Also, bandage every day. Every type of bandage you can do, work on. Work with a vet, if you can. Ride with your farrier. Make yourself an expert in everything. If you can know why your horse goes a certain way biomechanically and are able to verbalize it, that helps, as well... i.e my gelding was physically unable to lengthen his stride due to conformation, but I knew how to get the most out of him and demonstrated and expressed that at my rating, which put me well beyond the standards. As another poster said, it's the "HOW" and "WHY" that's most important. You may be completely wrong, but if you have a reason for doing what you do and it is logical and safe, you may be able to change some minds in the process.
      The biggest thing is to have fun and enjoy the learning process! It isn't the goal that's fun, but the experience of getting there! Good luck to your daughter!
      Keep your feet on the ground, but always look to the stars!


      • #4
        Grad A pony clubber here from a very competitve club and region. I graduated in 1995. I got my HA and A the same summer in 1992. At our A rating only 2 of the 8 passed. The other girl and I were from the same club and had both competed on various Young Rider teams. We were both competing regularly at prelim and intermediate.
        I know pony club has changed since I took my A but I feel as long as you are going to the rating with a good attitude and that you are able to explain what problems you had and how you could go about fixing them it isn't a big deal!
        Good Luck!


        • #5
          Graduate H-A here.

          My experiences with PC were amazing. I learned so very that I use every day, still. I stayed involved for many years as an examiner, taught at camps, and did some SM judging. I'm out of the loop now, but I miss it.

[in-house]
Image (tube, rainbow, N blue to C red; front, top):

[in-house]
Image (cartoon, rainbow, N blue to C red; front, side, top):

"Aye God, Woodrow..."


          • #6
            I'm a graduate A! I failed both my B and HA the first times I took them, but I felt very prepared and capable at my A.

            The knowledge sections of the B and the HA overall were difficult for me, but through practice and mentoring from older pony clubbers I was able to get through.

            I think a major component to any upper-level rating (and it says so on the standard) is maturity. The more you can approach the rating as an opportunity to show what you know--as well as to learn from the examiners by taking constructive criticism and applying it--the better off you'll be.

            Achieving the A is something I'm very proud of, and I encourage every PC'er to set their goals high and see what they can accomplish!


            • #7
              At 16, I achieved my B. Only 3 of 10+ passed. I considered going on for my HA and A, but at that time it was either pony club and college, or eventing and college. My family set a limit on horse time while starting the college search, and rightfully so. Eventing won.

              Without Pony Club, I would have never become involved with horses. My parents knew nothing about them, except their blue eyed girl fell in love with every pony and horse we passes. To this day, I still use the knowledge I gained form the organization. Citing your upper-level rating helps to distinguish you and your background. It also opens doors to wonderful contacts and opportunities no matter where you may be located. When I taught, I always employed the Pony Club practice of safety, horsemanship and respect to your horse/pony.